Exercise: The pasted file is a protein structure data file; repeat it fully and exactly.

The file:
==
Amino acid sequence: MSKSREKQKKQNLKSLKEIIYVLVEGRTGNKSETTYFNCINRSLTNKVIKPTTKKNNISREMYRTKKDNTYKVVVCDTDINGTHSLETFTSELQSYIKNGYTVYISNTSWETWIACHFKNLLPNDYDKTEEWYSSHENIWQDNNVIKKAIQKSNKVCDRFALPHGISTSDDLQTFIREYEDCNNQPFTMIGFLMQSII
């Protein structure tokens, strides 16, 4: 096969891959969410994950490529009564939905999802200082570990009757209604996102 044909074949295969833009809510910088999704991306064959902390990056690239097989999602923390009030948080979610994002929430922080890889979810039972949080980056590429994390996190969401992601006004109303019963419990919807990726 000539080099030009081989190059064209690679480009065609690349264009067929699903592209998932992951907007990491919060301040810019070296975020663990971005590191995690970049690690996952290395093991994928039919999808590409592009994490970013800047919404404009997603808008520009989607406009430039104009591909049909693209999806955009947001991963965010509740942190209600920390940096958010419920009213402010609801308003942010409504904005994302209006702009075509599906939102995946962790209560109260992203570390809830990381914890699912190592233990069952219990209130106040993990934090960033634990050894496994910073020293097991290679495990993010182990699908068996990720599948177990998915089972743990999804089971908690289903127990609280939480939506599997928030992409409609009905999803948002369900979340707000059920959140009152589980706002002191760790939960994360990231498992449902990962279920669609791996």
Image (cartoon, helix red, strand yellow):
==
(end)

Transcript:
Amino acid sequence: MSKSREKQKKQNLKSLKEIIYVLVEGRTGNKSETTYFNCINRSLTNKVIKPTTKKNNISREMYRTKKDNTYKVVVCDTDINGTHSLETFTSELQSYIKNGYTVYISNTSWETWIACHFKNLLPNDYDKTEEWYSSHENIWQDNNVIKKAIQKSNKVCDRFALPHGISTSDDLQTFIREYEDCNNQPFTMIGFLMQSII
């Protein structure tokens, strides 16, 4: 096969891959969410994950490529009564939905999802200082570990009757209604996102 044909074949295969833009809510910088999704991306064959902390990056690239097989999602923390009030948080979610994002929430922080890889979810039972949080980056590429994390996190969401992601006004109303019963419990919807990726 000539080099030009081989190059064209690679480009065609690349264009067929699903592209998932992951907007990491919060301040810019070296975020663990971005590191995690970049690690996952290395093991994928039919999808590409592009994490970013800047919404404009997603808008520009989607406009430039104009591909049909693209999806955009947001991963965010509740942190209600920390940096958010419920009213402010609801308003942010409504904005994302209006702009075509599906939102995946962790209560109260992203570390809830990381914890699912190592233990069952219990209130106040993990934090960033634990050894496994910073020293097991290679495990993010182990699908068996990720599948177990998915089972743990999804089971908690289903127990609280939480939506599997928030992409409609009905999803948002369900979340707000059920959140009152589980706002002191760790939960994360990231498992449902990962279920669609791996």
Image (cartoon, helix red, strand yellow):